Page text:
If a player is using an arm-dominant swing then that could absolutely happen, yes. Its very important to emphasize correct usage of the kinetic chain (core/body leads the swing).

  23. Michel Lauzon March 2, 2015 at 9:04 am - Reply

    Good drill, I had once a coach who was asking to to a 360 turn just to get the feel. But…hat about the importance of keeping the head still at contact and even slightly after contact? Your head is moving all the way?

  24. fsilber March 2, 2015 at 8:01 am - Reply

    But I tried that I had a very difficult time keeping my head still and my eyes on the ball at contact. When I look at Roger Federer it seems to me that he turns his body to accelerate the racket until just before contact, when his body _stops_ turning. Thus, his follow-through seems to me to be mostly just arm. This allows him to leave his head facing the point of contact well into the follow-through.

    • Ian Westermann March 3, 2015 at 12:21 pm - Reply

      You're right, it does make it tricky. As I mentioned in the video this is an exaggerated swing just for the sake of getting a certain feel.

  25. Daryl February 13, 2015 at 8:18 pm - Reply

    How hard of a grip should you use on the groundstroke?

  26. Jose Cedeno January 2, 2015 at 9:46 pm - Reply

    Thanks Ian, I have heard to put more attention on hip rotation rather than the upper part of your body.

  27. Hy August 24, 2014 at 11:37 am - Reply

    Not only are your drills and explanations very helpful, they are concise and to the point. You do not over complicate your comments like some other tennis coaches.

  28. simon... July 18, 2014 at 10:41 am - Reply

    I guess this is a lot better then keeping shoulders completely static and just swinging your arm, but why teach one bad habit to get rid of another? Shoulders/head should not be moving at the time of contact. Being a good tennis player, that's exactly what you when you hit live ball from a machine, but not what you demonstrate with shadow swing and static ball.

  29. daniela July 18, 2014 at 6:37 am - Reply

    very helpful and concise video
    thanks

  30. Dexter Godbey July 17, 2014 at 6:15 pm - Reply

    Ian…another one I found via your Facebook ads which are clearly working. Can't wait to try this which I will do first thing tomorrow morning. Planning to get to the court 1/2 hour early just for this. I'll give you some actual feedback after I give it a try.

    As always, thanks…

    Dexter

  31. Rich Lindgren June 14, 2014 at 3:24 pm - Reply

    nice sequence of progressions-this is something all levels play can use

  32. phyllis lechmanik June 10, 2014 at 4:35 pm - Reply

    This video really has help me to turn my body as I hit. Great video.

  33. phyllis lechmanik June 10, 2014 at 4:35 pm - Reply

    This video really has help me to turn my body as I hit. Great video.

  34. Magdi Hanna June 9, 2014 at 2:55 pm - Reply

    like that and thanks a lot

  35. RobertoTourinho June 1, 2014 at 1:57 am - Reply

    Thank you very much!

  36. BUD/S Class 30 May 31, 2014 at 11:40 am - Reply

    I tried to hit some few balls this morning and it did a lot of improvement in my forehand especially consistency. However, I can't feel power in it. Can power be generated with the same stroke?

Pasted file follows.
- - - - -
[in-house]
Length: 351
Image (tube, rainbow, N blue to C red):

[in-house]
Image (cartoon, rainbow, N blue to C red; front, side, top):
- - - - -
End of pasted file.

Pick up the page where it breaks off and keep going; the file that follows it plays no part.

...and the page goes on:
37. Ed May 30, 2014 at 11:51 pm - Reply

    Hi Ian,
    Awesome … as always! Thanks so much for this top quality instructions!
    Had a go with this today and it worked great!
    Cheers,
    Ed

  38. Gus May 13, 2014 at 8:19 pm - Reply

    Ian
    You are perfect.
    I am 67 and I know how difficult is to improve my technique at this age.
    Your video lessons helped me so much that I will be always grateful to you.
    Gus

  39. stu May 7, 2014 at 10:35 am - Reply

    Excellent !
    Much thanks.

  40. Jim March 24, 2014 at 6:59 pm - Reply

    Ian,
    How about a video on one of the hardest shots in tennis, the high backhand lob return.
    Thanks
    Jim

  41. thouvenin March 21, 2014 at 10:00 am - Reply

    Ian, I follow your videos with great interess. But I have one problem remaining for the serve.I am not able to bring my raquet down in my back when I serve . I can do it but in this case the ball barely reach the net.TO much spin?
    Thank you very much
    THouvenin Bernard(France Grenoble)

  42. GDA March 21, 2014 at 7:19 am - Reply

    These really short and focussed vid lessons are excellent. Not too much for my small brain to handle. I watch them just before my in-the-flesh weekly lesson and in trying to apply the tips, notice real improvement very quickly. So, many thanks for that.
    One comment on the videos. I don't know how you're set-up for your editing,etc, but you often begin showing your stroke from the side or front or back but always seem to cut to a long shot at the point of racquet-ball contact. I find this takes my eye away from what should be the real focus – the process and technique of the stroke, and encourages (me, at least) to focus on the ball, and the result of the shot (in, out, fast, long, etc) – rather than correct technique. Personally, I'd prefer a mix of closer shots showing the whole stroke, and then longer full-court shots also showing the whole stroke. Hope you don't mind this comment, which is intended constructively. As I said, love the short lessons. Thanks.

    • Ian Westermann March 21, 2014 at 12:30 pm - Reply

      That's a great piece of feedback, GDA. I'm using a new editor for these and been meaning to give him that same feedback, just hadn't taken the time to verbalize it. I'll be copying a pasting your description 🙂

      • GDA March 22, 2014 at 6:42 am - Reply

        Thanks. Played yesterday after watching the vid, and hit with much more consistency and power on the forehand side – so, very content.

  43. gusta March 21, 2014 at 12:05 am - Reply

    thanks Ian, I love all your lessons it has improved my play by a 100%

  44. theresa byrne March 20, 2014 at 11:47 pm - Reply